>
> _______________________________________________
> OpenSCAD mailing list
> [hidden email]
> http://lists.openscad.org/mailman/listinfo/discuss_lists.openscad.org

_______________________________________________
OpenSCAD mailing list
[hidden email]
http://lists.openscad.org/mailman/listinfo/discuss_lists.openscad.org

_______________________________________________
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[hidden email]
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Re: Displaying concentric circles

Gadgetmind
In reply to this post by fred_dot_u
On 2017-07-26 23:35, fred_dot_u wrote:
> A couple items here. One is the separator is a colon :

Usually, but [1, 5] will go through to the loop twice with a equal to
first 1 and then 5, which is useful at times.


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Re: Displaying concentric circles

algotruneman
In reply to this post by rglissmann
On 07/26/2017 06:27 PM, rglissmann wrote:

> I want to create a SVG that will display concentric circles. OpenSCAD will
> only show the largest circle. Is there a way to do this?
>
> for (a = [1, 5]){
>     circle(r=a);
>      }
>
> Thanks
>
>
>
> --
> View this message in context: http://forum.openscad.org/Displaying-concentric-circles-tp21939.html
> Sent from the OpenSCAD mailing list archive at Nabble.com.
>
> _______________________________________________
> OpenSCAD mailing list
> [hidden email]
> http://lists.openscad.org/mailman/listinfo/discuss_lists.openscad.org

Maybe it would be easier to make the concentric circles using Inkscape
to generate the SVG which can then be exported to OpenSCAD using the
library from Drew Newman https://www.thingiverse.com/thing:25036.


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Re: Displaying concentric circles

Parkinbot
In reply to this post by rglissmann
Generally spoken, OpenScad is not the right language to produce Gcode, as Gcode is always target machine dependent. For simple stuff like circles try http://www.intuwiz.com/circle.html and see what you get.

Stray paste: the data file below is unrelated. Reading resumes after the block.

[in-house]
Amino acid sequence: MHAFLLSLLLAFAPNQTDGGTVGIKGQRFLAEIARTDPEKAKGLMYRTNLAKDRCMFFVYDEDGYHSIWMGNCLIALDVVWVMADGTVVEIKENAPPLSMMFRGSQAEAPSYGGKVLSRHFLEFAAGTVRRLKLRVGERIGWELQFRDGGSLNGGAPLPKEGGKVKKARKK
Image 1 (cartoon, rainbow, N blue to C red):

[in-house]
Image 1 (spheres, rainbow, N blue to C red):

Well, if you know what you do, you indeed can use OpenSCAD to design "flat" and "line-like" 3D objects, export them as STL and abuse a slicer tool to generate Gcode from that. Say you want to have your 5 circles with 1 to 5 cm radius then your code would be something like this:

$fa = .2;  // resolution
for (a = [10:10:50])
{
   difference()    // use line thickness of 0.5mm for single line slicing
   {
     cylinder(r=a+.25, h=.5, center=true);
     cylinder(r=a-.25, h=.6, center=true);  
   }
}
after F6 and export as STL, you can use a slicer to do the dirty work. A slicer uses a profile to adopt its code to the target machine. It outputs a text file and you can use any editor to find what you are trying to find, if you know what you are looking for. Of course you should study G-Code a bit, but the sematics is quite simple and straight forward.

For the above code my kisslicer (which uses the profile for my 3D Printer) produced the following circle code (find the raw file attached):

G1 X122.18 Y118.94 E15.8864 F1200
G1 X123.65 Y117.02 E15.9503
G1 X125.65 Y114.09 E16.0439
G1 X126.85 Y112.08 E16.1058
G1 X128.42 Y109.06 E16.1955
G1 X129.41 Y106.86 E16.2594
G1 X130.5 Y104.03 E16.3394
G1 X131.35 Y101.37 E16.413
G1 X131.87 Y99.42 E16.4665
G1 X132.33 Y97.37 E16.5219
G1 X132.68 Y95.45 E16.5734
G1 X132.94 Y93.59 E16.6229
G1 X133.21 Y90.53 E16.7042
G1 X133.32 Y87.42 E16.7862
G1 X133.28 Y85.48 E16.8376
G1 X133.13 Y83.2 E16.898
... and so on.
The E Parameter is the Extrusion and the F parameter the speed. It depends on your target machine, whether it just ignores it. Also you should add a G0 X122.18 Y118.94 and some other code to instruct your targetmachine to do what you want it to do before and after each circle.

Here is the raw gcode file:  test.gcode